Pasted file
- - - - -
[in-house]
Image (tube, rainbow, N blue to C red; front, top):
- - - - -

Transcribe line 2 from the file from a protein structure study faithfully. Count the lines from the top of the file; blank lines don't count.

Image (tube, rainbow, N blue to C red; front, top):